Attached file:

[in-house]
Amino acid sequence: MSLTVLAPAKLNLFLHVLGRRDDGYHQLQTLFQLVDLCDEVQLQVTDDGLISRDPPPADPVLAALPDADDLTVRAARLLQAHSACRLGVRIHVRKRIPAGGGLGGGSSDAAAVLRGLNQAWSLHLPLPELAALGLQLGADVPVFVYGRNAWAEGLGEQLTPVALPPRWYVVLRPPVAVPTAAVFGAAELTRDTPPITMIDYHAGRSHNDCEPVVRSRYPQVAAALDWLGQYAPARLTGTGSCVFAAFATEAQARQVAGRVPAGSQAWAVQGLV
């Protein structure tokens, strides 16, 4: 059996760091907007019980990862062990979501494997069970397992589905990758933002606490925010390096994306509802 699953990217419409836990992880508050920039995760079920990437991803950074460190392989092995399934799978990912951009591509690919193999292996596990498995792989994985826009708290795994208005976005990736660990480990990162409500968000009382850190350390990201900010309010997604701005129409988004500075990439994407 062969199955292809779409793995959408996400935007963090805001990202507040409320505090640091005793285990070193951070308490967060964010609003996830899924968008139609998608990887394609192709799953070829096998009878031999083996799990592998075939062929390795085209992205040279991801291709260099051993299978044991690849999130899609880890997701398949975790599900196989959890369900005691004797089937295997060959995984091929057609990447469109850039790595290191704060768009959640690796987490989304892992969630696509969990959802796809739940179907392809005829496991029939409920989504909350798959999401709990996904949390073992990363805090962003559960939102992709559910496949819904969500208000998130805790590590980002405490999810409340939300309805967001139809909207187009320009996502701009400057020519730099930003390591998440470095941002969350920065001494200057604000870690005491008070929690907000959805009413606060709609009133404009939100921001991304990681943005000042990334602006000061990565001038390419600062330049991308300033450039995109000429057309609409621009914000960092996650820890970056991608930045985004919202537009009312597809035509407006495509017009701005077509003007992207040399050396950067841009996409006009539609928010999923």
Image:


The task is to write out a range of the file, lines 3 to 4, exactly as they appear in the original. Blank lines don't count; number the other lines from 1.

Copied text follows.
């Protein structure tokens, strides 16, 4: 059996760091907007019980990862062990979501494997069970397992589905990758933002606490925010390096994306509802 699953990217419409836990992880508050920039995760079920990437991803950074460190392989092995399934799978990912951009591509690919193999292996596990498995792989994985826009708290795994208005976005990736660990480990990162409500968000009382850190350390990201900010309010997604701005129409988004500075990439994407 062969199955292809779409793995959408996400935007963090805001990202507040409320505090640091005793285990070193951070308490967060964010609003996830899924968008139609998608990887394609192709799953070829096998009878031999083996799990592998075939062929390795085209992205040279991801291709260099051993299978044991690849999130899609880890997701398949975790599900196989959890369900005691004797089937295997060959995984091929057609990447469109850039790595290191704060768009959640690796987490989304892992969630696509969990959802796809739940179907392809005829496991029939409920989504909350798959999401709990996904949390073992990363805090962003559960939102992709559910496949819904969500208000998130805790590590980002405490999810409340939300309805967001139809909207187009320009996502701009400057020519730099930003390591998440470095941002969350920065001494200057604000870690005491008070929690907000959805009413606060709609009133404009939100921001991304990681943005000042990334602006000061990565001038390419600062330049991308300033450039995109000429057309609409621009914000960092996650820890970056991608930045985004919202537009009312597809035509407006495509017009701005077509003007992207040399050396950067841009996409006009539609928010999923």
Image: